Marbled Murrelet Habitat Stays Protected

     (CN) – A federal judge rejected a joint proposal from the government and logging industry that would vacate critical habitat designation for the marbled murrelet in the Pacific Northwest.
     The murrelet is a small diving seabird that nests in old-growth forests on the West Coast. Its habitat ranges from Central California to Alaska.
     U.S. Fish and Wildlife listed the Oregon, Washington and California populations of the marbled murrelet as threatened in 1992.
     At the time, the agency said it “lacked sufficient information to perform required analysis of the impacts of a critical habitat designation.”
     The American Forest Resource Council, Carpenters Industrial Council and Douglas County, Ore. petitioned the director of Fish and Wildlife and Secretary of the Interior Ken Salazar to delist the bird in California, Washington and Oregon.
     Fish and Wildlife conducted two 5-year status reviews of the murrelet to determine if it was warranted to list the tri-state population of the bird as a distinct population.
     In 2011, Fish and Wildlife removed nearly 190,000 acres in Northern California and Southern Oregon from its previous designation.
     The American Forest Resource Council (AFRC) sued the agency in District of Columbia Federal Court in January 2012.
     The parties moved for summary judgment, and on Monday a federal judge found Fish and Wildlife’s decision was rational and not arbitrary or capricious.
     Fish and Wildlife and AFRC jointly sought to enter a consent decree that would dismiss four of AFRC’s claims and vacate Fish and Wildlife’s critical habitat designation for the murrelet.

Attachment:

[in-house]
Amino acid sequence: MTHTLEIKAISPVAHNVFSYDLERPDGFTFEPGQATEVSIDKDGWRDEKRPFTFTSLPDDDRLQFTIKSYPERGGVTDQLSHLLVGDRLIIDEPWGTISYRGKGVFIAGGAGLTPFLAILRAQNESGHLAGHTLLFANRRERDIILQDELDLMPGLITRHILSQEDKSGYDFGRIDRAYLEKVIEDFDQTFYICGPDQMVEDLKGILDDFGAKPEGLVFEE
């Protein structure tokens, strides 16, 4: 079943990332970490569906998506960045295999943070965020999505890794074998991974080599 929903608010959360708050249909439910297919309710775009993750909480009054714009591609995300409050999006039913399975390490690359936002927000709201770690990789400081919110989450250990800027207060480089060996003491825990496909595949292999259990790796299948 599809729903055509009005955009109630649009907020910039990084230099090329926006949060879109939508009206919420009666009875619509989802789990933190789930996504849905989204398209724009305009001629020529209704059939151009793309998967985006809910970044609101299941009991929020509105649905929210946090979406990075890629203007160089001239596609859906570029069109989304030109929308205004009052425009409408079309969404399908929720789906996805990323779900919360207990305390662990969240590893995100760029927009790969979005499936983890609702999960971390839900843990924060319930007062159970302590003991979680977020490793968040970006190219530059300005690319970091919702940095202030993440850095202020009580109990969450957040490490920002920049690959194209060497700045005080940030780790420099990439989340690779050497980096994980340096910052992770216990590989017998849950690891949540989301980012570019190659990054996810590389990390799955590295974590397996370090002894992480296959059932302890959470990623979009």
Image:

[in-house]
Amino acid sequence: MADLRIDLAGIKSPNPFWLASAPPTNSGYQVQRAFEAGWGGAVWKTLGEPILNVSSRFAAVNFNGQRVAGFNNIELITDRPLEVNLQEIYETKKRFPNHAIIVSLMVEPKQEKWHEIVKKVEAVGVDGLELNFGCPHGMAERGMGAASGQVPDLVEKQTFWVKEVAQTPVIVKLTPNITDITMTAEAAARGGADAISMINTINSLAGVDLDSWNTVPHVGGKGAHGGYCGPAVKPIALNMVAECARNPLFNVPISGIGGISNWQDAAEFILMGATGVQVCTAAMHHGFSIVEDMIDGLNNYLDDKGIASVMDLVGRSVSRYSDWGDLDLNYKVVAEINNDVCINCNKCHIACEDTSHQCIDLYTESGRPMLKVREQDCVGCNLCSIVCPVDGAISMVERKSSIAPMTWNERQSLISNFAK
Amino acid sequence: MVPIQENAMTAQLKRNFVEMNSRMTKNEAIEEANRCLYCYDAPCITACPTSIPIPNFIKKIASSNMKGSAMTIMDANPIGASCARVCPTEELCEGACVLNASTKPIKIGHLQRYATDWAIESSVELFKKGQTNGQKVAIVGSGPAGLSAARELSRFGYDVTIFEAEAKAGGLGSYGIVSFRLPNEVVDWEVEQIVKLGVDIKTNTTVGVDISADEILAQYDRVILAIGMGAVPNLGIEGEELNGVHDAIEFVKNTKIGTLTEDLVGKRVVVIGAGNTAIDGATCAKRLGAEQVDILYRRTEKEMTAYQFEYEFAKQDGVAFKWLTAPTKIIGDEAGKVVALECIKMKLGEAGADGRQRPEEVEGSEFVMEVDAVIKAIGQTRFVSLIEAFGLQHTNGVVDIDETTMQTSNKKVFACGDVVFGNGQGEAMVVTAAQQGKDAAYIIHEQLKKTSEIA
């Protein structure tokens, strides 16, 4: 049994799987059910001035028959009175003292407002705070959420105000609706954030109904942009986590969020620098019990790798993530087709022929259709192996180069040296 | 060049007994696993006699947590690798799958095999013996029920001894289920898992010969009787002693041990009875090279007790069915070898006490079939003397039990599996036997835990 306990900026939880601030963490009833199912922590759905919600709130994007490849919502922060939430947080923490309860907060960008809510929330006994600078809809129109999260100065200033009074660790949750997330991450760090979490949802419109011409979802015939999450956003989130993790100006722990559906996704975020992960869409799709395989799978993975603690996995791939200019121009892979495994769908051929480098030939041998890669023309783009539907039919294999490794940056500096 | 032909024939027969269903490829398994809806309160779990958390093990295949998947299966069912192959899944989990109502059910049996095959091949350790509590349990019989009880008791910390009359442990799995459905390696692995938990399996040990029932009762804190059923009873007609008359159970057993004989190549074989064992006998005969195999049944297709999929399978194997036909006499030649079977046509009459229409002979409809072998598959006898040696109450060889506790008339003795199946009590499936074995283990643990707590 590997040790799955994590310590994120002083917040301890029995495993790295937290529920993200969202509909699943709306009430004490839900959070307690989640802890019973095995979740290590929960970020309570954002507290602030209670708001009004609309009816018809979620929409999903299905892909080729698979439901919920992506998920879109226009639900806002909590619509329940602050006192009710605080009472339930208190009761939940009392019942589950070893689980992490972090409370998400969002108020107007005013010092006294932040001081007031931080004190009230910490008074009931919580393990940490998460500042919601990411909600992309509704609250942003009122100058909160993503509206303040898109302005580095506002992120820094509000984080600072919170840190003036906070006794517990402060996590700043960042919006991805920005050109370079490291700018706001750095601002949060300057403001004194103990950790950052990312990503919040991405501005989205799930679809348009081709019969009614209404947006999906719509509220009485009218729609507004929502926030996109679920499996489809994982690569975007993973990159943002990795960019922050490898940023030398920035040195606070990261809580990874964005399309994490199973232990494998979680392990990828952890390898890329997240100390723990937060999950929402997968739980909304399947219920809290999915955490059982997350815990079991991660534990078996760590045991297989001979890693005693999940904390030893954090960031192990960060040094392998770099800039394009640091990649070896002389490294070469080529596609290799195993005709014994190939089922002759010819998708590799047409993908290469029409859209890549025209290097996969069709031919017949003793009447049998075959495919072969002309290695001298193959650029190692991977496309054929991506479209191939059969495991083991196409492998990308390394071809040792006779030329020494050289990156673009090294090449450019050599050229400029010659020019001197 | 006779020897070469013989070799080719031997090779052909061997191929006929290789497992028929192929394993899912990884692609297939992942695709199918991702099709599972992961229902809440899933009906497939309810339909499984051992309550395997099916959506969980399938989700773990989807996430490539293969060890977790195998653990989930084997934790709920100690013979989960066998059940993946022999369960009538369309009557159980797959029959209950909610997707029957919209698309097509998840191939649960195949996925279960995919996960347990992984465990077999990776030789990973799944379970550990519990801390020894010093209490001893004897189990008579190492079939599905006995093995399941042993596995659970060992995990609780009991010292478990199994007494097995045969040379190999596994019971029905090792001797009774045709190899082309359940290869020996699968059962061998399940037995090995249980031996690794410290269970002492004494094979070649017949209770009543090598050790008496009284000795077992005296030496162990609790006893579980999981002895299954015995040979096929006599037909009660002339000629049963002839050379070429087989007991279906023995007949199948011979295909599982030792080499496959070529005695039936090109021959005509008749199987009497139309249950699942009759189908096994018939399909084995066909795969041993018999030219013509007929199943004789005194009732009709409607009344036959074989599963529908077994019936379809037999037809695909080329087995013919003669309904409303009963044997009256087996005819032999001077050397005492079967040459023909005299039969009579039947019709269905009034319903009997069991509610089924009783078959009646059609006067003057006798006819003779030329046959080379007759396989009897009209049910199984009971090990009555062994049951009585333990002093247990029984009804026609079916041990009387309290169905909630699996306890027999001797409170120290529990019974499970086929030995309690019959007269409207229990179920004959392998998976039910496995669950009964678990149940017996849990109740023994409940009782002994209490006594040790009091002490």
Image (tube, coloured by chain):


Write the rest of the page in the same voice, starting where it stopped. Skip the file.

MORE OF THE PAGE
Several intervening environmental groups, including the Portland and Seattle chapters of the Audubon Society, argued against the consent decree.
     Among other things, they said the consent decree would allow the murrelet’s critical habitat to be vacated without notice and comment.
     U.S. District Judge John D. Bates rejected that argument because vacating the habitat would be a judicial act allowed by the court.
     Bates was not persuaded, however, that the critical habitat designation should be vacated entirely.
     “If a longstanding critical habitat designation is to be vacated entirely pursuant to an agreement between a private litigant and the government – and over the objection of others – the Court must be reasonably confident that there is a sound legal basis for vacatur,” Bates wrote.
     “Missing from the equation is any concession of error by the agency, or even any hint as to how exactly, in FWS’s view, the critical habitat designation ‘may’ be deficient.”
     Bates found it significant that if the habitat were vacated, Fish and Wildlife could not begin to act on the new designation until 2017.
     “By that time, murrelet nesting habitat in the current designation – all or part of which may be legally justified – might be lost irretrievably, or at least for a very long time. Forested stands containing 33-foot-high trees do not grow overnight,” Bates wrote.
     “Considering that the Court would be vacating a longstanding critical habitat designation, without public notice and comment and without a determination on the merits, the Court is unwilling on this record to approve the lengthy and potentially disruptive remand period proposed.”

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